The word play’s the thing

The Tragedy of Euripides 
The Rose Company, The Castle, Lancaster

By The Newsroom
Saturday, 1st February 2014, 8:00 pm
From left, Iphigenia (with baby Orestes), Clytemnestra and the Chorus  from The Tragedy of EuripidesPicture: Glenn Green
From left, Iphigenia (with baby Orestes), Clytemnestra and the Chorus from The Tragedy of EuripidesPicture: Glenn Green

It was good to see Lady Jane Lumley’s 16th century translation of Euripides’s Iphigenia revived, to a full house, in the Nice Café Bar at Lancaster Castle last week.

The all-female production by Lancaster-based Rose Company is now sharper and more assured than at its première last back end, and has gained in depth and intensity accordingly.

What struck me this time was the simplicity of the language in this new edition by Professor Alison Findlay of Lancaster University.

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Its prose reads more easily than Shakespeare’s verse or prose, and the sentences are beautifully measured. It was interesting to hear forms like ‘willinger’ (more willing – why has that dropped out of use?), and ‘easlier’ (more easily). ‘Shamefastness’ is more evocative than the banal ‘propriety’ or ‘modesty’.

Director Emma Rucastle used the close, in-the-round playing space to good effect, bringing the personal dilemmas of the protagonists more intimately to the audience.

Costume added to the overall visual impact. All the cast, save Queen Clytemnestra (Aliki Chapple) and Iphigenia (Catherine Bateman), were in black, and the Chorus (Christine Burn, Beth Cortese and Marian Cox) was distinguished by the adroit use of dark netting.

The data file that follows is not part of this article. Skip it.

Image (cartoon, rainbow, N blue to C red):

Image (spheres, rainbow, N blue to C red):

KingAgamemnon(Ruthh Grsgson), his brother Memelaus (Helen Katamba), the war hero Achilles (Elle Lund) and Senex, the aged family servant (Alison Findlay), were differentiated by minimal additions to the black, whileb Clytemnestra wore a plain green dress.

The heroine, however, stood out: younger than the rest of the cast, she wore a striking, bright red dress highlighted by the white swaddlings of her baby brother, Orestes. The suggestions of tragic blood and white purity were fine visual signifiers of her central tragic rôle.

The revival has also toured to Preston, Salford and Liverpool, and further outings are under consideration, not least to the Lumley family’s ancestral home, Lumley Castle, near Durham.

The Rose Company is a welcome newcomer to Lancaster’s flourishing arts scene and, after their excellent first show, we can look forward to more exciting dramatic and literary ventures from them.

Michael Nunn